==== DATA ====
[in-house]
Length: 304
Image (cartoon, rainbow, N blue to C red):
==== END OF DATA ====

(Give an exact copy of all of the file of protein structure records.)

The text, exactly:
[in-house]
Length: 304
Image (cartoon, rainbow, N blue to C red):